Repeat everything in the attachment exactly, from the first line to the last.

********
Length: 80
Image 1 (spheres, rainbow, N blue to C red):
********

Length: 80
Image 1 (spheres, rainbow, N blue to C red):